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How a local artist uses art as a part of the healing process

Georgia Fullerton has been living artfully for as long as she can remember.Fullerton is a Jamaican-Canadian visual artist, expressive arts therapist, arts educator, and...
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How a local artist uses art as a part of the healing process

Georgia Fullerton has been living artfully for as long as she can remember.

Fullerton is a Jamaican-Canadian visual artist, expressive arts therapist, arts educator, and public speaker. With over 30 years of experience making art, she says she’s had an interest in art since a very young age.

“I started making art around, I’ll just say from the day I was born, but I’ll be realistic and say around age eight or nine,” she says.

Her parents greatly influenced her artistic journey, as they enrolled her in many art classes as a kid. “I was always that kid that would be hidden away in my room, either reading Judy Blume or drawing or something like that,” she says.

Fullerton was born in Jamaica and moved to Canada in 1967. She studied visual arts at Red Deer College in Red Deer, Alberta, and earned a Bachelor of Arts degree in 1991 at York University in Toronto, Ontario.

She then moved to Durham Region in 2010 and now lives in Ajax. The years 2010-2011 played a significant role in her art career, as her style began to shift and she evolved past figurative and portraiture art.

“I started to understand a little bit more about therapeutic arts, and then my art actually changed,” she says. “So right now, I’m doing expressive abstract art and I’m loving it. [I’m also loving] a little bit of mixed media.”

It was during this time that she was also introduced to expressive arts therapy. “Expressive arts therapy, it was like a gift to me back in 2010,” she says.

Fullerton experienced a traumatic event of a one-time physical abuse situation within her relationship that year, but she used her pain to her artistic advantage.

“What was integral about it and what made me think that you know what, this has to happen along my path, as warped as that may sound,” she says. “But what I reaped from that was the fact that I can look at art differently.”

She says her paintbrush became her healing stick, and through that trauma, she developed a different relationship with art making, with herself, and with other people.

“So I asked the question, how can this help me? And how can it help others?” By chance, Fullerton ended up meeting someone who was studying expressive arts therapy, and she decided to take a chance on it.

“And the best part of it is that I realized I had all these other resources within me,” she says. “Not just painting and drawing, but how I use my voice, how I connect with other people, how I relate to others, so it’s been fantastic.”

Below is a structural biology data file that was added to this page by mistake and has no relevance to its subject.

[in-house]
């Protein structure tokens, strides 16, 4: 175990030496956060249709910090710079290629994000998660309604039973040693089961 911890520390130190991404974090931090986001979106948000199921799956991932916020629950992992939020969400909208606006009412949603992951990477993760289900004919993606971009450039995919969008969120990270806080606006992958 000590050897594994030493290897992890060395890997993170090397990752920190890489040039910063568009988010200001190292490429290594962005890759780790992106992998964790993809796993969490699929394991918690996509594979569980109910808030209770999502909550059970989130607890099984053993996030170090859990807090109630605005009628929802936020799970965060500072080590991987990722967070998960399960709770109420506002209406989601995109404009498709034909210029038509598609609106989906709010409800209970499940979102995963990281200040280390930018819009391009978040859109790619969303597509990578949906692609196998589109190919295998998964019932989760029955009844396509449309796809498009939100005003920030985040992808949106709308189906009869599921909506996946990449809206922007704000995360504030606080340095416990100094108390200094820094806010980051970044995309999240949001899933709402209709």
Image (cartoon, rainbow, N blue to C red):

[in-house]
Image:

Fullerton now works as an expressive arts therapist with a small private practice at the Station Gallery in Whitby. She also facilitates healing art workshops online.

She is also the first Black visual artist to sit on the board of directors of the Robert McLaughlin Gallery and the founder of the Durham Black Artists’ Collective (DBAC).

Fullerton says it means a lot to her to be the first Black visual artist to sit on the board. “For me it means that I have arrived to a certain extent, and I don’t necessarily mean just as a Black woman, I mean as a professional artist, I have arrived.”

“There are institutions all over the world that can recognize you,” she says. “But when you’re recognized in your own community and as a Black female, we don’t get our voices heard often, especially artists, I would say, or any creatives.”

However, with this new responsibility came some challenges. Fullerton says she had to give herself permission to speak up about showcasing and highlighting marginalized artists who don’t have a platform.

“So it didn’t necessarily pose a challenge for me, but there was some hesitancy in how much can I say and not say,” she says. “But I think overall most of the challenges come [from] me learning all the aspects of governance when it comes to sitting on the board.”

Being the founder of the Durham Black Artists Collective (DBAC) also comes with its own challenges, she says.

Fullerton started the DBAC in 2016 once she realized that there was no governing body or collective of Black artists in the Durham Region.

“For the collective, we’re dedicated to highlighting and showcasing Black Canadian and Caribbean artists in Durham Region,” she says. “We want to be able to hold professional workshops, we want to be able to also exhibit our work and just let the world know that we’re here.”

Spreading awareness about the collective and connecting with all the Black artists in the Durham Region has been somewhat of a challenge.

Another obstacle Fullerton has faced is establishing a brick-and-mortar location for the collective to meet and host professional development workshops. “We’re really hoping to speak to that challenge, and find some solutions around establishing a hub, establishing a place where the Durham Black Artist Collective can actually thrive,” she says.

Meanwhile, Fullerton is also working towards bringing her idea of a wellness network to life. Create My Art Story is for Big-C and Small-C creatives who want to expand their art practice into more of their everyday life as well as monetize it in a business.

As a woman who wears many hats, art always remains at the centre of her personal and professional life, and she makes a conscious effort to continue to live artfully.